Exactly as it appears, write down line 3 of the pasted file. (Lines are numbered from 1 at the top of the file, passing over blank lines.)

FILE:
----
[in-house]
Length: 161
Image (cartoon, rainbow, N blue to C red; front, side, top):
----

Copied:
Image (cartoon, rainbow, N blue to C red; front, side, top):